Vice President Kamala Harris cast the tie-breaking vote in a deadlocked Senate and opened the path for President Joe Biden’s nominee to the Federal Trade Commission to be confirmed.
Democrats will score a majority at the FTC if Georgetown University law professor Alvaro Bedoya is confirmed. His nomination vote stalled as the U.S. Senate Commerce Committee was tied 14-14 before Harris stepped in to break the deadlock. In a procedural move, the Senate voted 51-50 on Wednesday, giving Bedoya the green light to move ahead in the process.
Two-and-a-half hours after the vote began on motion to discharge nomination of Alvaro Bedoya for the FTC, Vice President Harris breaks 50-50 tie. pic.twitter.com/0O76WzoXY6
— CSPAN (@cspan) March 30, 2022
If confirmed, Democrats will gain a 3-2 majority on the panel that enforces antitrust laws and federal consumer protection. Currently, Lina M. Khan, an outspoken critic of Big Tech, is the FTC Commissioner nominee.
Bedoya, the Director of Georgetown Law’s Center on Privacy & Technology, also served as Chief Counsel of the U.S. Senate Judiciary Subcommittee on Privacy, Technology and the Law,
Ahead of the vote, Senate Majority Leader Chuck Schumer urged his colleagues to vote in favor of Bedoya.
“Without Mr. Bedoya, the FTC and members are left handicapped and incapable of moving forward, so today’s motion to discharge is a matter of immense importance and I hope all my colleagues who care about fighting inflation and price manipulation vote to proceed with Mr. Bedoya’s nomination,” the New York Democrat said on the Senate floor.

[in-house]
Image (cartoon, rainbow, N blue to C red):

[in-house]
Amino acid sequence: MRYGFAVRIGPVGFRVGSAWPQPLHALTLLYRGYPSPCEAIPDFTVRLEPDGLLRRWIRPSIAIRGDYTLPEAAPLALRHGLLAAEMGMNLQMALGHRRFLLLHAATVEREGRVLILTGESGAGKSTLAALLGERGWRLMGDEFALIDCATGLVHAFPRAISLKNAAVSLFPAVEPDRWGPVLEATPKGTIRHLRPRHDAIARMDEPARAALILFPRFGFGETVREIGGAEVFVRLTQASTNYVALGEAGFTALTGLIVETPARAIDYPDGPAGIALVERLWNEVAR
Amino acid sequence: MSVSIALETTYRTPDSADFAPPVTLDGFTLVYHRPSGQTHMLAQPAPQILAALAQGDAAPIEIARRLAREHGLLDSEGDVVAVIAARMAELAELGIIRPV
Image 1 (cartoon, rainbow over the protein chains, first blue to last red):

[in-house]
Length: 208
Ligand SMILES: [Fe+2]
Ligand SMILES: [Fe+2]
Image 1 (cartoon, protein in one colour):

FTC: Sen. Schumer urges his colleagues to confirm FTC nominee Alvaro Bedoya, and calls out stock buybacks by the oil companies which have “dramatically increased this year,” asking, ‘Why is that money going into stock buybacks instead of into other much more productive uses?” pic.twitter.com/hQAl5WWXqh
— Forbes (@Forbes) March 30, 2022
In a statement following the vote, the Committee for Justice organization commented on the “runaway FTC.”
“Republican opposition and the resulting six-month long 2-2 deadlock at the FTC created by Senate inaction on Bedoya’s nomination was not enough to rein in a runaway FTC,” said director of public policy, Ashley Baker. “Eventually, it may be that it will be left to the courts to do so. Until then, the Federal Trade Commission appears to be well-insulated against any meaningful form of Congressional oversight.”
Republican opposition and the resulting six-month long 2-2 deadlock at the FTC created by Senate inaction on Bedoya’s nomination was not enough to rein in a runaway FTC. Eventually, it may be that it will be left to the courts to do so. https://t.co/7XOF13d0gG
— Committee for Justice (@CmteForJustice) March 31, 2022
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